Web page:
Wednesday, April 30, 2014

How To Be Rich As Sh*t In America: Step One

1. Be born and raised in the right zip code.




Zip codes determine destiny. Rich kids get good educations, poor kids get poor ones. "This is because a large percentage of funding for public education comes not from the federal government, but from the property taxes collected in each school district," writes sociology professor Lisa Wade at Occidental College. She adds, "Money within New York, is also unequally distributed: $25,505 was spent per student in the richest neighborhoods, compared to $12,861 in the poorest."

Americans aren't all playing by the same set of rules. The higher the concentration of wealthy people in a neighborhood, city, or state, the better the education is in said area (in terms of resources and student/teacher ratios) because of higher property taxes. In contrast, the rest of the developed world - sans outliers Turkey and Israel - invests more equally in each student through centralized federal funding.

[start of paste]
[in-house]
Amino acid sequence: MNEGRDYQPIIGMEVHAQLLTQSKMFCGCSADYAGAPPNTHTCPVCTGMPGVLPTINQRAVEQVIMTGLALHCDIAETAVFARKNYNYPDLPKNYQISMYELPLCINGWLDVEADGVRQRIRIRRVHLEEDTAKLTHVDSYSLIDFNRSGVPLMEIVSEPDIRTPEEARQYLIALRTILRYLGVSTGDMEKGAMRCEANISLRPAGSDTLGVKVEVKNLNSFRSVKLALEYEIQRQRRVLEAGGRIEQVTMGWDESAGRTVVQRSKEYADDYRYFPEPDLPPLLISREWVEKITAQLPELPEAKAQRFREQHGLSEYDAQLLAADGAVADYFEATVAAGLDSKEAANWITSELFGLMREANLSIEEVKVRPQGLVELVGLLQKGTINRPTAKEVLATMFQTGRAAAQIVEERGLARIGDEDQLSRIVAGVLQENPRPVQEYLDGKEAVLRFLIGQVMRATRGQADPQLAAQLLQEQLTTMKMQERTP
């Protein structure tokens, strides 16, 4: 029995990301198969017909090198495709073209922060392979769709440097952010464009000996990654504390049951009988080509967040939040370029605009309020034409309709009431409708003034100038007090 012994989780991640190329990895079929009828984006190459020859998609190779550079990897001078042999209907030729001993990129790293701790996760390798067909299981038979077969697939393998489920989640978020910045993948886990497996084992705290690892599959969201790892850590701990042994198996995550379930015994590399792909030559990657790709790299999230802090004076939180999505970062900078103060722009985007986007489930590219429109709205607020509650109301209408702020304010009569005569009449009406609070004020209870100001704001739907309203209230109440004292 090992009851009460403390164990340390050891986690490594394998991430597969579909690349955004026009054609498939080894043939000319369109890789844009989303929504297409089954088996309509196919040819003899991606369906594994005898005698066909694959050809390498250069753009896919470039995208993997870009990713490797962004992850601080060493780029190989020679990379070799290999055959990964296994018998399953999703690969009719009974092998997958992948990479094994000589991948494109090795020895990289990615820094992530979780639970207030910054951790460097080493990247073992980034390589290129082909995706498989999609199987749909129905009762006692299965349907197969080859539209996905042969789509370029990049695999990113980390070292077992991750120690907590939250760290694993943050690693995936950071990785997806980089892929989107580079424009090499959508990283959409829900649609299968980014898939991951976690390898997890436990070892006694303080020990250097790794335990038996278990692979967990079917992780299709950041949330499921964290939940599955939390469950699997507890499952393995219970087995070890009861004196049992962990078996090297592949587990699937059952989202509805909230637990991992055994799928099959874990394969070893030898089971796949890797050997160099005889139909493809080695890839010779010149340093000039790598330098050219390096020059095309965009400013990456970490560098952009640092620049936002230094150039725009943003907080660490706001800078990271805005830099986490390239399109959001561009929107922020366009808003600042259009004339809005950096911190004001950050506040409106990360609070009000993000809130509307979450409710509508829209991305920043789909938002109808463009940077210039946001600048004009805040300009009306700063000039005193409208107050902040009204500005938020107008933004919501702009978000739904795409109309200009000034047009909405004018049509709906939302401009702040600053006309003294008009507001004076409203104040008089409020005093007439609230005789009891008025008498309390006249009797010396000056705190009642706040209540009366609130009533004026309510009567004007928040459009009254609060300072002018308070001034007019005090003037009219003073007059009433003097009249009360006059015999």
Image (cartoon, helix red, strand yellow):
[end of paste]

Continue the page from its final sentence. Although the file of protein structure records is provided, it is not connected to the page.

“The United States is one of few advanced nations where schools serving better-off children usually have more educational resources than those serving poor students,” writes the New York Times. Such inequities in funding and resources calls into question the widespread belief that America is a place of equal opportunity.

When opportunities for advancement are hampered by circumstances of birth and upbringing we can't speak of achievement gaps in our public schools, only opportunity gaps - and a reinforcement of these gaps until funding priorities shift.

Research on the dropout crisis in the US has shown that America's playing field is about as flat as the world was once thought to be - that is to say, it's time to disabuse ourselves of another fallacy. All sorts of inequalities are baked into our system with the intention of engineering less equal outcomes. The neighborhood you grow up in will have a disproportionate impact on not just the quality of your education, your odds of graduating high school and your future economic opportunities, but your health and lifespan as well.

A meritocracy America isn't.

Recommended reading:  

No comments:

Post a Comment